She eyed the Conqueror, the herbalist dubiously. The contents of the cup went down in one gulp; the grimace took longer to fade.
The warrior grinned. “Welcome to my life.”
A knock at the door. “Come,” she called out.
A portly man bustled in, bowed deeply. “Conqueror. Is everything to your liking?”
She stood, moved to intercept him. “I haven’t tried the food yet.”
“And you sent for the herbalist—” He gasped. “Niklos! My dulcet dove, what have those Roman pigs done to you?”
“He’s recovering, Vidalis. Let him rest. How is the palace?”
He resisted the urge to go to the young man, clasped his manicured fingers. “Fine, Mistress. No troubles to report.” He spied the gown and crown on the floor near the antechamber and snatched them up, flitted around the chamber, tidying her mess. “Did your wardrobe have the desired effect, Conqueror?”
“Caesar noticed if that’s what you mean. So did most of the male inhabitants of Rome.”
“Stellar. I shall have all your dresses cleaned—oh my.”
In his sweep around the room he stumbled upon her in the patch of sunlight. Eyes stalked him the moment he entered until he came too close and she crouched, ready.
“Vidalis, this is my newest slave…” What name had she given? Gabrielle? Immediately she discarded it. Far too soft and banal for the gladiator poised to punch her headservant’s teeth in. “Parda, the Leopard of Rome.”
He thoroughly inspected her from head to toe, his narrowed gaze speaking volumes. “Goodness, Mistress. Did you buy her or defeat her?”
“Both. I’ll need another cot sent up.”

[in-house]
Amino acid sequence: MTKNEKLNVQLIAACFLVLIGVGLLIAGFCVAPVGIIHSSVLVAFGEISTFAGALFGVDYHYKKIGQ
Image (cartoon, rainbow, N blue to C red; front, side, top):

“Really? There is plenty of room in the slave’s quarters for one more uncouth—” He glanced at the Conqueror’s hard face. ”Of course, this space is far too empty. Another cot would certainly liven up the place.”
She took his elbow and led him away, dropping her voice. “She’ll need some plain tunics, something in the Roman style to make her feel at home. I trust your judgment, of course.”
The man pursed his lips, sizing her up. “I’ll have to get that armor off, get some measurements.”
She squeezed his shoulder. “Not gonna happen. You’ll just have to give it your best guess and we’ll go from there.”
He sighed. “Can I do anything else for you, Mistress?”
“She can attend to my needs while Niklos recovers. What you do already is plenty.”
He beamed and bowed dramatically, backing out of the room and closing the doors behind him.
The herbalist rolled his eyes, fed more of his crushed leaves to Niklos.
“You too, old man.”
He slipped back into the melodic tongue of Chin. “As you wish. These are for his pain. They work best on an empty stomach. He can eat them now, but he should take some again in the afternoon, and again when it is dark.” He did not take long to gather his medicines and leave.
Finally she stood alone in her chambers, safe from the outside world. The quiet wrapped around her like a blanket. She closed her eyes, released the iron grip she held on her spine.
The gladiator caught her arm before she realized she’d tilted, guided her to the bed. She lay there, eyes closed, listening to clanking pottery and silver until a hand on her shoulder encouraged her to sit up. The gladiator held out a goblet of wine, willed her to drink it.